Next morning, didn't have to leave for the airport till noon, so there was plenty of time for a browse and some cake at the London Review of Books Tea Shop. Saw Cambridge hostess Janet Todd's brilliant book A Man of Genius on a prominent shelf...

(photo courtesy of Nancy Vermette)

...and then it was on to Heathrow, and the final fish & chips at the Bridge Bar. The eleven hour flight home was mercifully smooth, and at the end of it waited the best of all: Peter and Paul and the Cats!

But I must come back again to what is truly my second home, Britain; as C.S. Lewis said about the return of Aslan to Narnia, "And I say, the sooner, the better."

A few of the books I brought home...and a few of the trinkets.
I can only plead extremely limited suitcase space. It's hard to perform miracles of compression on china and books!

Tuesday, June 21, 2016

Mitford Madness - Post 6 of my English trip

Portraits of six sisters, at The Swan Inn

I fell in love with Nancy Mitford when I was about fifteen, before I ever read Jane Austen. Her novel The Pursuit of Love was only the logical next step in a series of English books that had been inexorably shaping me into an Anglophile ever since my mother read A.A. Milne to me in an attempted English accent when I was two, and I thought it was the most beautiful thing I'd ever heard. Nancy exerted a similar charm. The phrase "light, bright, and sparkling" was used by Jane Austen to describe her own Pride and Prejudice, but it personified Nancy, too. "That," I resolved, "is the way I want to write." Since her language, jokes, style and context were utterly alien to a New York teenager of the 1960s, decoding and understanding took considerable study. In the fullness of time, Nancy was inevitably superseded and eclipsed by Austen; but my captivation with the Mitfords, their lives and their writing, has never faded. No, to write like Austen - or Mitford - or anyone else, isn't possible - but it's no bad thing to have such influences.

Me at Nancy's grave

It was about twenty years ago that I finally managed to meet, and actually became friends with, a Mitford - Jessica, who was then in her late 70s. I knew that the Mitfords' very stylized and eccentric literary personas needed to be checked against the reality in the flesh, to be really understood; and that if I was ever to meet a live one, the time was now. So I set out on this quest, ultimately benefiting from a Berkeley library auction for a dinner with Jessica. I ended up meeting her several times, organized a book party at her wish, and thoroughly enjoyed the privilege of friendly relations with her. (Hey, if I could have done the same with Jane Austen, you know I would have!)  I wrote up the story of our meeting, and it was published in the talented Lyndsy Spence's first book, The Mitford Girls' Guide to Life, in 2013.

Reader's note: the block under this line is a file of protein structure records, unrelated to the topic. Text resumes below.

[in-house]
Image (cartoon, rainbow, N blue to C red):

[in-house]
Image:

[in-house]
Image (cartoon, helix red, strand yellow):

You may well wonder why, with this interest, and with my predilection for hunting out authors' homes in England, I never explored "Mitford country" until now. Well, the truth is that I was deceived by Nancy's and Jessica's own descriptions of their childhood homes, which they invariably depicted as hideously unattractive, barracks-like, cold places without a shred of beauty. Certainly most of the girls got away at the first opportunity, and added to the fact that the houses, Asthall and Swinbrook, were not open to the public, there seemed little point.

Asthall (we only glimpsed the roof, in passing)

Swinbrook, before it was gutted by fire in 2011

But then one of my favorite bloggers, Rachel Fenn of Book Snob, whose taste in books was very much like my own, went on a literary quest, and wrote it up. From this I learned what I might have known before: Nancy and Decca were having a joke. Their old family homes were in the Cotswolds, for God's sake, a region of unsurpassing beauty and charm! So I resolved to go.

I mentioned to my friends at Dove Grey Books what I had in mind, and as quick as an email, friendly member Curzon replied, saying she'd love to go, and would drive me. I accepted this dream offer gratefully, and we agreed that we soon would be "shrieking at Swinbrook," a reference to the Mitfords' frequent and rapturous shrieks. (Jessica demonstrated one for me, and I was disconcerted to find it was actually a decorous little debutante-ish trill of laughter.)

Accordingly, Curzon picked me up at my friend Jean's house in Oxford, and off we went, with a stop to meet another Dove, Carol, at Batsford Arboretum. From there we drove straight into Mitford country, starting at the lovely Cotswold town of Burford, where we had lunch, and did a goodly spot of antique shopping.

Pictures of Burford

Burford church

Entering Burford

Lunch: me, Curzon, Carol

A really excellent Ploughman's plate, and cider

Picturesque wisteria

Lilacs, lovely against stone walls

Burford's high street

Beautiful views, sky constantly changing

Old street, posh shops

A delectable Burford antiques shop

If only I could have got these beauties home!